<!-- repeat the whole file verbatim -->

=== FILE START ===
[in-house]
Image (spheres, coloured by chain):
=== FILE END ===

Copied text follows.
[in-house]
Image (spheres, coloured by chain):